I know that we look like a giant role-playing club to outsiders. But even the dress-up and drama, properly done, properly nurtured, are in the service of becoming genuine and real.
As I child, I had been drawn to stories of magic, of castles and knights and ladies fair. I found the convenient, dry ordinariness of the modern world a terrible cheat, but I learned to hide my romantic yearnings and to keep my outward self within the safe, conforming bounds of suburban style. I wore my tee shirts, my cords and jeans, my checked and pinstriped and polka-dotted clothing, and never let a hint shine out that I wanted silks and bodices and Celtic knotwork instead.
I remember with what trembling hands, in the merchant's row at my first-ever Rites of Spring, I took a crescent moon crown into my hands and set it on my head. I had just that spring begun to Draw Down in coven, and I had learned that part of what was holding me back in my growth as a priestess was my fear of outward gestures and drama.
Yes, you can do magic in your blue jeans, and yes, you can touch the substance of the gods while standing in sneakers on linoleum, without moving a finger.
But you learn best to do these things skyclad or in robes, under a sky filled with starlight and with the smell of a fresh haycrop in your nose. You learn best to raise and direct energy while moving your breath, your arms, your whole body in harmony with that flow. And it will look dramatic. It will look good. And it will feel... like those fairy tale visions of your childhood, if you let it.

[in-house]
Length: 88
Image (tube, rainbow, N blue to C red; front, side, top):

I bought that crescent moon crown, unnecessary toy though it was, and in the purchase I bought back something of myself I'd sold off long ago: something that was willing to take up space in the world, and be perhaps a little too intense, too smart, too wordy, too real for most people's comfort.
Allowing my dramatic, romantic side to flower allowed my humor and my plainness, my ordinariness to root beside it. Nowadays, I love the ordinary, because Paganism allowed me to live within the real--for me, a reality that has always included dimensions not contained in the latest American Idol broadcast or McDonald's Happy Meal.
Pagans love the anachronistic, the romantic, the embroidered. And, however much of a secret I may try to keep it, so do I.
Pagans love the creative, the original, the do-it-yourself artist, musician, poet, architect, seamstress, jeweler, healer, priest. We nurture this creativity, acting as an appreciative audience for one another. And if I groan inwardly when someone takes the center of a bardic circle for a poorly-prepared, unrehearsed and off-key rendition of one of Gwyddion's songs, I also understand the love that went into that musical selection.
We create. More than any other religious community I know, Pagans are creators. What gifts we have within, we share... and, yeah, sometimes that means looking at one drawing of a gooey, anorexic elf-chick too many. But however much or little we have within us, something in Paganism draws it out. What do you have inside? Paganism is always whispering. What can you create? What can you share? What do you see?
In a world of fast-food, instant culture, where there are experts to meet every need, and every creation is a commodity, the raw and sometimes stumbling creative urge of Pagans in community is a vital counter-balance.
We don't give up our power in the name of not making fools of ourselves. We take ourselves seriously in ways it is easy to stand outside of and mock--but none of the magic passes to those outside that circle. Those of us standing within it, caught up in serious play, get to remake ourselves, get to re-envision the world.
And, if we play long enough and sincerely enough and honestly enough, we make ourselves real. We wake up. We wake up because we are dreaming.